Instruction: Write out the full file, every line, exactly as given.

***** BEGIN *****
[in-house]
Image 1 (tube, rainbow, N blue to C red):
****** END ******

[in-house]
Image 1 (tube, rainbow, N blue to C red):